The Nets’ Paul Pierce and Knicks’ Raymond Felton went at it in defense of their teams, and even the NBA saw Nets owner Mikhail Prokhorov and Knicks owners James Dolan were on the same track. J.R. Smith also said the Nets weren’t good.
There might have been more sniping between the two sides at some point this summer, but honestly, the bluster has been too great to track comprehensively.
Add one more small diss to the pile.
In response to a tweet linking our post on Smith’s NBA title guarantee, Nets forward Reggie Evans tweeted “LOL” (hat tip: ESPN New York).
I wonder whether Evans clicked through to the post, which also contained Smith’s line about the Nets. A refresher of the report by Marc Berman of the New York Post:
Smith was then asked why he joined the Knicks over the Nets when he came back from China in February 2012.
“The Nets weren’t good,’’ Smith said. “Now they’re still not good.’’
I’d like to hear Evans’ response to that. Really, unless someone is going to elevate this offseason talk above mild jabs, I just want to see these teams on the court.
The Knicks and Nets play Dec. 5, Jan. 20, April 2 and April 15.
They’ll also likely meet in the Eastern Conference Finals as the Knicks head toward their first championship since 1973. LOL.
The Celtics didn’t have another comeback in them.
After overcoming a 13-point fourth-quarter deficit against the Mavericks on Monday to extend its winning streak to 16 games, Boston lost to the Heat tonight, 104-98. The streak ends as the NBA’s longest since the Hawks won 19 straight during the 2014-15 season.
The Celtics trailed Miami by 16 in the fourth quarter then cut the deficit to only one with three minutes left. But Dion Waiters hit back-to-back 3-pointers, helping the Heat pull away.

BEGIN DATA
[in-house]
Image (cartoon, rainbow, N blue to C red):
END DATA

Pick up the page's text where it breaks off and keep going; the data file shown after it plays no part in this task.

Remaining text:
Goran Dragic (27 points) and Waiters (26 points) led Miami, which needed a reason to feel good after losing three of four to fall to 7-9.
The Celtics, on the other hand, still have a four-game cushion over the rest of the Eastern Conference. This might help them regain focus.
J.R. Smith (slightly out of context): “We don’t start paying attention until after All-Star break.”
Raptors guard Delon Wright dislocated his shoulder, but at least he won’t need surgery.
Raptors media relations:
Adrian Wojnarowski of ESPN:
The Raptors (11-5), off to a surprisingly strong start, are second in the Eastern Conference. They’ve bought themselves margin for error. All in all, a month-long absence for Wright isn’t so bad.
Wright had been a key part of an excellent all-bench unit that included Fred VanVleet, O.G. Anunoby, C.J. Miles and Jakob Poeltl. Two-way player Lorenzo Brown has assumed Wright’s role, and Norman Powell – returning from his own injury – will provide a boost. Toronto can also stagger Kyle Lowry and DeMar DeRozan more.
The chemistry of the bench mob was something to behold, but the Raptors should withstand this.